This is one of the reasons why we advocate against manually accessing client financial accounts to pay bills. It’s just too risky.


More accounts, more problems

We touched on this in the introduction, but it's worth reiterating because human error, albeit unintentional, is one of the most significant risk factors in this context.

Cumbersome logins, missing security devices, mislaid passwords, changing bank policies, and the potential for distractions from cakes, tea, and Amazon deliveries—all these factors make you just one misstep away from missing an essential payment or transferring money from the wrong account to the wrong supplier. 

Such a mistake could result in significant financial repercussions for your client, and carry major reputational risks for you.


Open Banking isn’t always the answer

Open Banking was introduced with the aim of speeding up transfers and payments. While it has been beneficial in some ways, in other respects, it has only added to the complexity.

In recent years, there has been a surge in the utilisation of Open Banking. However, it does not sufficiently mitigate the risks associated with making payments on behalf of multiple clients. 

For example, some banks, such as Metro, Mettle, and the Co-operative Bank, don’t permit payments via Open Banking when making individual payments. The concept of 'open' banking is not as open as one might assume.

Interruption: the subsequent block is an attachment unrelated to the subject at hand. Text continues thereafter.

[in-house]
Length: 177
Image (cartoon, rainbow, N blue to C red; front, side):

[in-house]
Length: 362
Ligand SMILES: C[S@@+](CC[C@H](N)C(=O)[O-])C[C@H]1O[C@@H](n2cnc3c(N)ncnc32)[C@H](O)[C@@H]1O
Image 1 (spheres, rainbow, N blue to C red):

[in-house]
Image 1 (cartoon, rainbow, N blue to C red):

And the challenges multiply when attempting to make bulk payments with major financial institutions like HSBC, Starling, Monzo, Barclays, and others. Some of these places either lack support for bulk payment functionality or impose restrictions on the number of payments within a single batch. 

Additionally, limitations may extend to the amount and timing of transactions, as seen with HSBC's requirement to schedule bulk payments 48 hours in advance.


So, what's the solution?

Apron: A safer, all-in-one solution

While most solutions on the market address only specific aspects of the problem, Apron simplifies the entire payments process. For starters, this means you won’t need to waste time constantly logging into client bank accounts.

Here's what makes Apron different:

  1. Inside Apron you’ll find your Hub. From here, you can add clients and team members, and create payments.

  2. Select who to pay, who approves a payment, and who makes a payment.

  3. Payment is made without you ever having left Apron, and because Apron is synced in real-time with your Xero or QuickBooks account, reconciliation is automatic.

No bank access or wallets required — No top-ups, and no need to access a client’s bank account.

No more copy-pasting — Apron’s Snap! feature automatically captures account details, sort codes and addresses from invoices and other documents.

Pay with confidence — ‘Confirmation of payee’ flags appear if for some reason the payee’s account details don’t match up. And, being able to hide Direct Debit payments means you won’t pay twice.

Using Apron to manage payments as a service means more time saved, greater functionality in terms of what you’re able to do for clients, and less risk overall.

Want to learn more about how Apron is changing the accounts payable process for the better? 

Visit getapron.com and book a 1:1 demo.